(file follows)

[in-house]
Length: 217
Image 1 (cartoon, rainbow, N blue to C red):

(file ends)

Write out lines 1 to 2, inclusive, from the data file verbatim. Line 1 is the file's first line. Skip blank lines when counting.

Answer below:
[in-house]
Length: 217